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Emotional Intelligence

How Can My Ex Move On So Quickly?

Considering attachment and emotional intelligence can help.

Observing a partner fall for someone new immediately after a breakup is painful. The ease of his or her ability to move on is often devastating. It’s as if the relationship meant nothing.

Alternatively, a partner who is deeply connected is plagued with memories. The loss is overwhelming. Eating, sleeping, and functioning is a challenge. The pain feels insurmountable and everything seems to remind the person of the lost love, making it nearly impossible to focus. As time passes things get easier, but the loss is profound.

The two people embody polar opposite emotional responses to the dissolution of a once close union. This can be explained, in part, by attachment style. Generally, people who attach heartily and robustly often have the ability to get and stay close. Empathic, conscientious, and self-aware in the relationship, the person readily identifies and verbalizes his or her emotions and is able to remain attuned to a partner’s. Accountable, the person recognizes how actions and words impact a loved one and is diligent about working hard to mend a rupture in the relationship. These attributes comprise emotional intelligence.

However, the opposite may be true of a partner who moves on without a care in the world. Initially, he seemed so enamored. Yet his kindness and interest grow inconsistent. His trouble identifying and discussing personal feelings results in a reluctance to truly open up and resolve conflict. The continual avoidance of uncomfortable emotions seems to compel the partner to routinely escape the demands of a close relationship by running to anything that provides a distraction.

He or she often plays the victim to excuse his or her emotional irresponsibility and often confuses control for closeness. This partner seemed proficient at getting close but due to deficits in his or her emotional availability struggles to maintain the closeness. These characteristics define a partner who may have deficits in emotional intelligence.

The emotionally attuned person in a relationship usually feels a rift succinctly and his or her response is typically to work harder in the relationship. Yet an emotionally impaired partner is usually indifferent and claims “everything is fine.” The relationship suffers, but both parties try to hang on and weather the storm.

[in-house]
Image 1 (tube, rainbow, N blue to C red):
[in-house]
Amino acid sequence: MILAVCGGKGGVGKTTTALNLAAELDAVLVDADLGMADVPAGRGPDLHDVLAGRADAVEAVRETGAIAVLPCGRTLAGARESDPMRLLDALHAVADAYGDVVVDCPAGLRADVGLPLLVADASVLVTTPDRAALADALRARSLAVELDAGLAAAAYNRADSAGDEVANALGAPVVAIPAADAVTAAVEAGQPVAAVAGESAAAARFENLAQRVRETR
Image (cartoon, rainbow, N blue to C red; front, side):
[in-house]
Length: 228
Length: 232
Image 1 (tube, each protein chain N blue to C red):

In this scenario, one party is more likely to “bail” than the other. A person who lacks emotional intelligence usually attaches at the surface because he or she lacks the emotional skills necessary to maintain authentic closeness in a relationship. Thus, it may be easier for him or her to unplug and reset with a new person. Going through the motions of getting close may be less taxing than sustaining actual closeness. This partner may flit from one relationship to the next, incapable of establishing the deep emotional roots that sustained closeness develops.

It is important to note that this type of partner may feel more comfortable with a person who also lacks emotional sophistication. Neither party is required to sustain authentic closeness and both enjoy focusing on outside pursuits that fuel their ego. If each party gratifies the other party’s superficial needs, the relationship may remain intact.

Yet an emotionally available partner who attaches to an emotionally unavailable partner may suffer. When the closeness and love vanish, it may cause intense panic. Often blaming himself or herself, the person clamors to recover the lost love, only to be abandoned and replaced in a matter of days.

After a breakup, it may help to interpret the gravity of the heartache as an indicator of the depth at which a person attached. Viewing the breakup through an attachment lens may also ease some pain. A person may not have been abandoned because there was something wrong with him or her. He or she may have been rejected because of something very right. The capacity for empathy, conscientiousness, and self-awareness allows for closeness in a relationship, attributes an emotionally unavailable partner may not be able to reciprocate. The mismatch in emotional capabilities may cause a chasm. One person copes with the fracture by trying harder and the other by exiting the relationship.

It is important for a person who attaches deeply and heartily to know that he or she is probably emotionally healthy. Possessing empathy for others and seeking to ease suffering with understanding is a gift. Although a person may feel inadequate after a breakup, it is important for him or her to know that emotional intelligence is a superpower. One that promotes healing, positivity, and empowerment. It may be necessary to find a love who also possesses this gift.


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